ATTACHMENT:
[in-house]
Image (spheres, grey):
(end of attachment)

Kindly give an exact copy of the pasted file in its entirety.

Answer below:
[in-house]
Image (spheres, grey):